Greg Gattuso brings a bit of Pittsburgh to Albany
Greg Gattuso said Albany, N.Y., reminds him of Pittsburgh.
He calls the similarity between the cities “the best compliment I can tell people in Albany ... the geography all the way to the erratic weather.”
Which might be the reason he brought a little bit of Pittsburgh with him in 2014 when he became head coach of the Albany Great Danes, who visit Heinz Field on Saturday to help Pitt open its season. Three members of Gattuso’s staff have deep Pittsburgh roots:
-- Running game coordinator and tight ends coach Nate Byham, who played at Pitt from 2006-2009.
-- Safeties coach Jarred Holley, who patrolled Pitt’s secondary from 2009-2012.
-- Assistant head coach, offensive line coach and Gattuso’s lifelong friend Jim Sweeney, who played at Pitt from 1980-83 and then spent 16 years in the NFL, including the last four with the Steelers.
Gattuso and Sweeney have been friends for more than 50 years, since they were in the first grade together at St. Catherine of Siena in Beechview.
“When I got the job, I called him (to offer a position on his staff) and he drove to Albany a day later,” Gattuso said. “I think it took him three seconds to decide.”
They were teammates on Seton-La Salle’s 1979 WPIAL championship team, winning on a muddy field at North Allegheny. “My kind of field,” said Gattuso, the running back on that team.
Their coach was former Steelers director of football operations Tom Donahoe, now a senior adviser in the player personnel office of the Super Bowl champion Philadelphia Eagles.
Today, Gattuso and Donahoe remain close friends. “We talk constantly,” he said.
“I told him when he signed on to be our high school coach, he never realized we would stay in touch this long. He is one of the most important people in my life.
“What a great mentor. He knows football, but he knows more about doing the right thing and how to treat people.”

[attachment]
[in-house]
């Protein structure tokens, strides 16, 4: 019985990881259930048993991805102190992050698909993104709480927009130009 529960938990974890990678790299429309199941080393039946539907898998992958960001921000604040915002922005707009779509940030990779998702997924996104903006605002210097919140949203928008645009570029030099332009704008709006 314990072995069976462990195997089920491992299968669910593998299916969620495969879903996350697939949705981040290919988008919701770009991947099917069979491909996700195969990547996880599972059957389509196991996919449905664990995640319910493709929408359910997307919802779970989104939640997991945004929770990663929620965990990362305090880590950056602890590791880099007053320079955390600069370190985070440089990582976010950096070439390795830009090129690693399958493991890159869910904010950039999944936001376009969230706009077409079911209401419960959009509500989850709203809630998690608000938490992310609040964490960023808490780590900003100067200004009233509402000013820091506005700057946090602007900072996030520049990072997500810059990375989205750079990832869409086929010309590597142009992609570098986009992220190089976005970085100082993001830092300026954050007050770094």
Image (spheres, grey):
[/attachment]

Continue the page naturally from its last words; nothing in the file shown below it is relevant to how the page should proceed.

Donahoe, regrettably, won’t be at the game Saturday due to his Eagles duties, but he sent Gattuso a good luck text message.
Gattuso understands the business of football seldom takes a day off after July. “I told him defending the Super Bowl isn’t easy,” he said.
But Gattuso will have plenty of friends there.
He grew up in Beechview, went to Penn State and played on its 1982 national champion and was an assistant at Pitt under Dave Wannstedt from 2005-2010. Prior to that, he was the head coach at Duquesne for 12 years and remains the winningest coach in school history (97-32 from 1993-2004).
It was his friendship with Pitt assistant athletic director Chris LaSala that triggered Saturday’s game, which will be Albany’s first all-time against a Power 5 school.
“It was one of the first things I did (when he was hired),” Gattuso said. He called LaSala, and it wasn’t long before Pitt coach Pat Narduzzi gave it his OK.
“To come back to Pittsburgh to me is special,” Gattuso said. “It feels like I’m going to know everyone in the stadium.
“I’m one of those rare birds in Pittsburgh who is a Pitt and Penn State fan. Every Saturday morning I check the Seton score and Sunday morning I check the Pitt, Penn State and Duquesne scores.”
When Wannstedt was fired in 2010, Gattuso coached at Maryland for three years before going to Albany in 2014.
“People in Pittsburgh think the world revolves around Pittsburgh and I’ve always been like that,” he said. “But sometimes in life you have to move on.”
Gattuso’s life took an unexpected turn when Wannstedt was fired after consecutive nine- and 10-win seasons. But he’s impressed with how the university has found stability in Narduzzi, who has a contract that runs through 2024.
“Pitt is committed to Narduzzi,” he said. “That’s the right thing, not losing your coach every two or three years.
“That was the shame of it. Dave was the right guy at the right time. When that thing ended the way it ended, it hurt the program.”